I’m in gun-grabbing Delaware and we are currently mourning the recent sale in our southern-most county of a major shooting range to the state gov’t, who is planning to turn it into offices for the state’s Dept of Natural Resources and Environmental Control, the storm troopers of our state government’s Agenda 21 push.
    Meanwhile, we’re sure they’ll be checking IDs and noting weapons of anyone using the range before they just shut it down… de facto gun-registry, precursor to gun confiscation…

  3. Pat O'Cat says

    But I would also like to say, I am appreciating all the tips collected here.
    I think a periodic collection of random tips like this would be great.

  4. Shannon says

    @Rozetta…I have a few friends and family members who have the “I have a small space and cannot store anything” mentality. The first thing I told them is to get under bed storage containers. They are long and not too high. You’d be surprised how much you can actually clear out of cabinets and closets to make room. Best start? Go through every room and ask yourself “What do I NEED?” Anything that has been sitting and not used for over 3-5 months, sell it or donate it. Use that space to reorganize and make storage happen. Some twin beds have drawers under them, some can have uplifters place on them. Bathroom cabinets can be reorganized and have the extras you may need. Under furniture, behind furniture…LOOK around, you’ll be surprised how much room you can find. Good luck.

  5. Mel says

    In terms of storage, storage is everywhere it becomes a mentality, I like my home to look like a ‘normal’ suburban home so dry mix soup, single serve vac bag rice etc. Can be taped behind cabinets, under coffee tables. In your study get a carton of paper after you have used half the box empty it put dry food, first aid or extra medication in the bottom and put the paper back in, don’t use that box for paper anymore, it’s disguised and you have a fuel source in a pinch.

    Also For our family smaller serves work better week in week out use, also I think if you needed to trade you can hand over a box or bag and your not giving everything away, same with theft. If your storage is small you can distribute it, hide it and use it more effectively.

    For my big storage tubs I don’t use clear I don’t want anyone looking in, I put colored stickers on the front so I know what’s in there eg. Green for food red for first aid, purple for toilet paper, feminine products, tin foil etc. This is also handy when you bury items you can put the same colored paint on your sealed tub if you’re madly digging for first aid you won’t bother opening a green tub because you know it’s food not medicine.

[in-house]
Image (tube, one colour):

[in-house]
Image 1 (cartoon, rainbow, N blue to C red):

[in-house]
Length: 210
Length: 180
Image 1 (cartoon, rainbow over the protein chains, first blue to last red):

Bookshelves are great for storage you can put tins in the back and lay the books sideways stacked, those books are now a disguise, fuel source and help reduce cabin fever and keep you sane. If you have kids make sure familiar comforting books are in easy reach.

    We have a one day per day planner I staple all our receipts in it at the end of every day, it helps you track price rises/changes, your consumption and step back and see what you’re spending your money on vs. Your need sometimes it can jolt you back on budget.

    Another thing we do is we have mixed 3 lettuce and 4 spinach plants into our garden bed out the front, you have to go looking for them but have a few edibles and herbal plants spread around gives you more room out the back for the serious veggie patch, plus there always seems to be one lot of plants that get sacrificed to the birds, bugs etc. So you might even have enough left over to eat! Lol

    On a feminine hygiene issue I know there a million uses for tampons but I use the washable liners 1. In an emergency situation you can sterilize them and use them to absorb blood from wounds, there is less waste so you’re not attracting attention to your home that someone is there. Also you may not want to advertise on your garbage that there are females in the house ( in paranoid mode now)

    At the end of the day survival is a mentality as a species we’ve lasted this long through famines, wars, diseases and we will continue to do so if you have the right attitude you can do anything